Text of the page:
18-25: £6.50

Enquiries:
+44 (0)1937 546546
boxoffice@bl.uk

Oct
19
Sat
2019
Kotatsu Japanese Animation Festival ABERYSTWYTH @ Aberystwyth Arts Centre, Aberystwyth, Wales
Oct 19 – Oct 20 all-day

‘This year’s Kotatsu Japanese Animation Festival continues at Aberystwyth Arts Centre, on the 19th -20th October, and we are hard at work organising everything to ensure that you will have a fantastic time. We are coordinating our marketplace to get the tables ready and preparing to welcome our special guests, Takeshi Yashiro and Satoshi Akutsu, who will be travelling from Japan to the UK to deliver their masterclass and animation workshop. Don’t miss out – book your tickets today.’

Nov
1
Fri
2019
Yū (Shin’ichi Isohata / Naoyo Yakushi / Misuzu) @ CAFE OTO
Nov 1 @ 7:30 pm

Yū (Shin’ichi Isohata – Naoyo Yakushi – Misuzu)

“This project is named Yū (幽) / phantom.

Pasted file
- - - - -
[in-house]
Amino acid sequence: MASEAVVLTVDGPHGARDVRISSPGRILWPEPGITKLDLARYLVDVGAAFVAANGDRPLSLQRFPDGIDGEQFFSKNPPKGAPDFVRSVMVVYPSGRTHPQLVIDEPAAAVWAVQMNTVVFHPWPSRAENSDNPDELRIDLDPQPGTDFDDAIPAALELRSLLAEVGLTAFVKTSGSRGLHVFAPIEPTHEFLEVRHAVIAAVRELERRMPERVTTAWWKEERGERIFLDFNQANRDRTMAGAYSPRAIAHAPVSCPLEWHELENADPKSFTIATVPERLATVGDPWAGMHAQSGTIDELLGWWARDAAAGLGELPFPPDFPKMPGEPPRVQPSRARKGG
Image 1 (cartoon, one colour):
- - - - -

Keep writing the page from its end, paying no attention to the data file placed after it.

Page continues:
Yū is Japanese special sensitivity, it’s means like “faintly”, “fleeting”, “airy”, “vaguely”. It’s be understood by Japanese people as also “ghost”, “apparition”, “phantom”.

This performance depicts two Japanese goddesses, one phantom, and one modern woman, by dance of Misuzu and the music of Shin’ichi Isohata and Naoyo Yakushi.

Many of the origins of religion in all world were goddess faith. God or monster has the back and front faces that are intrinsic as same as humans (although I think originally God should not be such an existence..). Every existences have good and evil, and also there has sadness in the bottom of the heart. However, sometime the sadness might be become to mercy or hope. Music wander between reality and mythology with abstract, minimal sound, and Japan sensitivities etc… for realizing the true happiness in heart.” – Shin’ichi Isohata

Nov
7
Thu
2019
Cosmogenesis by Hiroe Saeki @ Daiwa Anglo-Japanese Foundation
Nov 7 2019 – Jan 31 2020 all-day
Cosmogenesis by Hiroe Saeki @ Daiwa Anglo-Japanese Foundation

The Daiwa Anglo-Japanese Foundation is delighted to host Hiroe Saeki’s first UK solo show.